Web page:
Will Michigan prove a tipping point or fluke for Bernie Sanders? Analysts speculate going into the Ohio primary.
- Investigators say Donald Trump won't be charged with inciting a supporter to punch a protester
- John Kasich gets a turn at the Trump treatment
- Bernie Sanders rallies supporters in Ohio with a call to jobs lost
- Trump may pay the legal fees for a supporter who punched a protester
- The delegate process explained, using Peeps
Billionaire environmental activist Tom Steyer, who is pondering a run for California governor in 2018, on Monday called Republican presidential front-runner Donald Trump “a racist and a liar.”
“Trump uses hate-filled rhetoric to divide America by race, religion, and ancestry. He deliberately incites violence against those who dare question him,” Steyer wrote on Medium three days after a Trump rally in Chicago was canceled as it descended into chaos. Some political observers said the development was predictable given the businessman’s penchant for incendiary rhetoric about Mexican immigrants, Muslims and others.
“Donald Trump is unfit for office and endangers our nation,” Steyer said.
Steyer’s language goes a hair further than some Democratic leaders, notably Hillary Clinton, the front-runner for her party’s nomination and the beneficiary of a fundraiser hosted by Steyer and his wife at their San Francisco home. She called Trump “bigoted” on Sunday but declined to answer a pointed question asking whether he's racist during a Democratic debate last week.
Steyer, a former hedge fund manager, has spent tens of millions of dollars of his personal wealth on liberal causes, notably climate change, with middling results. He was the nation's largest individual donor in 2014.
He argued that Trump is the result of conservatives stoking fear among voters to win at the ballot box.
“He preys on America’s prejudices and scapegoats entire races of people, all for the sake of his own ego,” Steyer wrote. “Trump’s vitriol attracts large crowds and may even win him the Republican presidential nomination but dishonors our best traditions.”
Donald Trump is not going to face charges of inciting a riot at a North Carolina rally where a protester was punched by one of Trump's supporters, officials announced.
"We have reviewed the evidence accumulated" and it does "not meet the requisites of the law," the Cumberland County Sheriff's Office said in a statement.
"The investigation with regard to Mr. Trump and his campaign has been concluded, and no charges are anticipated," the statement concluded.
A lawyer for the Sheriff's Office had said earlier Monday that investigators were still examining the case, but that charges seemed unlikely.
The case against John McGraw, the man charged with punching the protester at the Wednesday rally, is ongoing. Trump has said he's considering paying McGraw's legal fees.
Marco Rubio struck a contemplative tone at a Florida rally Monday night, comparing this topsy-turvy election season to a broader shake-up of the country's values.
"We have a culture today where what used to be wrong is now considered right," Rubio told the audience at Palm Beach Atlantic University in West Palm Beach on the eve of the state's crucial primary, which could prove decisive for his presidential ambitions.
"My whole life I’ve been told, being humble is a virtue. And now being humble is a weakness and being vain and self-absorbed is somehow a virtue," he said in a veiled shot at current GOP front-runner Donald Trump and his healthy ego.
Rubio continued: "My whole life I’ve been told, no matter how you feel about someone, you respect everyone because we all are the children of the same god. And now being respectful to one another is considered political correctness and therefore goes too far."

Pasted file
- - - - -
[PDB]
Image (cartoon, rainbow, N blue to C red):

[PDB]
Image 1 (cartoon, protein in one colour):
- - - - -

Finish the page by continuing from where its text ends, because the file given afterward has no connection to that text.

Rubio lamented Trump's outlandish rhetoric, noting the billionaire peppers his speeches at times with profanity.
"We have never had a presidential candidate that has to be bleeped out," Rubio said.
He conceded he bore some responsibility for the tenor of the campaign as well, saying he "felt terrible" for his crass swipes at Trump.
"Let me tell you, it embarrassed my children. It embarrassed my wife," he said.
The night before the Ohio primary that could decide his presidential campaign's future, John Kasich stayed resolutely upbeat at a rally in his hometown of Westerville.
Kasich, who has been Ohio's governor for six years, is under pressure to score a victory in his own state and disrupt Donald Trump's march to the Republican nomination.
Appearing at a local high school with former Republican presidential nominee Mitt Romney and Sen. Rob Portman (R-Ohio), Kasich insisted he wouldn't stray from his campaign's positive message.
“I will never take a low road to the highest office in the land," he said. "I will not do it.”
Recent polls have shown a close race in Ohio, with Kasich a few points ahead of Trump. Kasich didn't take any direct shots at the Republican front-runner but alluded to him in a few of his remarks.
“We don’t fix America by demonizing people. We don’t fix America by dividing people," he said. “We fix America ... by bringing people together. We’re stronger when we’re unified.”
Kasich went on to say, "I’m tired of hearing people say how terrible everything is in America. We’ve got our challenges, but America is incredible, it's great."
Donald Trump unleashed all his usual insults against his GOP competitors Monday afternoon in Tampa: "Little Marco," "Lyin' Ted," and the "nasty and vicious and terrible" John Kasich.
But what he really seems to want is a different target: Hillary Clinton.
"The beauty would be, if we win Florida and we win Ohio, we can go and attack Hillary," Trump told a crowd at a town-hall-style rally at the Tampa Convention Center.
"That’s what I really want to focus on," he said.
Those two states are the biggest prizes in Tuesday's presidential primaries. Polls show Trump holding a sizable lead over Florida Sen. Marco Rubio, but a closer race in Ohio against Kasich, the state's governor.
Trump has only recently trained his sights on Kasich; on Monday, he denigrated Ohio's economy and said he bested the governor in an exchange in the first Republican debate.